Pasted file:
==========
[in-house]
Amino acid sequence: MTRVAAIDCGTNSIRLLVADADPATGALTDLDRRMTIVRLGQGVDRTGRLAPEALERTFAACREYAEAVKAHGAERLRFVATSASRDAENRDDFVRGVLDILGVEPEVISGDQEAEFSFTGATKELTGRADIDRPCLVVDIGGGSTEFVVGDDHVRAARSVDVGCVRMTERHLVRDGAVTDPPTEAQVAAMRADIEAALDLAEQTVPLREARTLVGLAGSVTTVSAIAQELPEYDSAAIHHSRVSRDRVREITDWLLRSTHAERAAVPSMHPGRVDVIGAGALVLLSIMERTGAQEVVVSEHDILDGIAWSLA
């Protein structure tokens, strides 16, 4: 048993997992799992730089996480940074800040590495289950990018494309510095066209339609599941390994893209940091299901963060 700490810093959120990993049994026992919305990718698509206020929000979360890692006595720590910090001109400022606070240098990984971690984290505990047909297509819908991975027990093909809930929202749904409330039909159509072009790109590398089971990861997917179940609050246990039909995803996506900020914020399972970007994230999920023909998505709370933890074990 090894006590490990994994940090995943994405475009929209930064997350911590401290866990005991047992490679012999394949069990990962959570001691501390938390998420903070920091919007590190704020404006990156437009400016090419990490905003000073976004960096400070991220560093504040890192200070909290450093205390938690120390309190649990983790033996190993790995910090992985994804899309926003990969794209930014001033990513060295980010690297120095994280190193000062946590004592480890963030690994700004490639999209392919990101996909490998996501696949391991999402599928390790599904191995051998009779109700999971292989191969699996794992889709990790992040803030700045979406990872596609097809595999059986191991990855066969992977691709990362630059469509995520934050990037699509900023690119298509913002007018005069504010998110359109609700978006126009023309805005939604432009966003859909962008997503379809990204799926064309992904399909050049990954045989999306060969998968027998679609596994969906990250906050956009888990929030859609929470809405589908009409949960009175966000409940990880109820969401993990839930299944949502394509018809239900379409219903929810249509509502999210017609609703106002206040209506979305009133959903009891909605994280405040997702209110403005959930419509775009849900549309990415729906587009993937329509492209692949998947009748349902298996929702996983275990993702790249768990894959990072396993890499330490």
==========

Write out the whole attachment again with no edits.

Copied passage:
[in-house]
Amino acid sequence: MTRVAAIDCGTNSIRLLVADADPATGALTDLDRRMTIVRLGQGVDRTGRLAPEALERTFAACREYAEAVKAHGAERLRFVATSASRDAENRDDFVRGVLDILGVEPEVISGDQEAEFSFTGATKELTGRADIDRPCLVVDIGGGSTEFVVGDDHVRAARSVDVGCVRMTERHLVRDGAVTDPPTEAQVAAMRADIEAALDLAEQTVPLREARTLVGLAGSVTTVSAIAQELPEYDSAAIHHSRVSRDRVREITDWLLRSTHAERAAVPSMHPGRVDVIGAGALVLLSIMERTGAQEVVVSEHDILDGIAWSLA
């Protein structure tokens, strides 16, 4: 048993997992799992730089996480940074800040590495289950990018494309510095066209339609599941390994893209940091299901963060 700490810093959120990993049994026992919305990718698509206020929000979360890692006595720590910090001109400022606070240098990984971690984290505990047909297509819908991975027990093909809930929202749904409330039909159509072009790109590398089971990861997917179940609050246990039909995803996506900020914020399972970007994230999920023909998505709370933890074990 090894006590490990994994940090995943994405475009929209930064997350911590401290866990005991047992490679012999394949069990990962959570001691501390938390998420903070920091919007590190704020404006990156437009400016090419990490905003000073976004960096400070991220560093504040890192200070909290450093205390938690120390309190649990983790033996190993790995910090992985994804899309926003990969794209930014001033990513060295980010690297120095994280190193000062946590004592480890963030690994700004490639999209392919990101996909490998996501696949391991999402599928390790599904191995051998009779109700999971292989191969699996794992889709990790992040803030700045979406990872596609097809595999059986191991990855066969992977691709990362630059469509995520934050990037699509900023690119298509913002007018005069504010998110359109609700978006126009023309805005939604432009966003859909962008997503379809990204799926064309992904399909050049990954045989999306060969998968027998679609596994969906990250906050956009888990929030859609929470809405589908009409949960009175966000409940990880109820969401993990839930299944949502394509018809239900379409219903929810249509509502999210017609609703106002206040209506979305009133959903009891909605994280405040997702209110403005959930419509775009849900549309990415729906587009993937329509492209692949998947009748349902298996929702996983275990993702790249768990894959990072396993890499330490």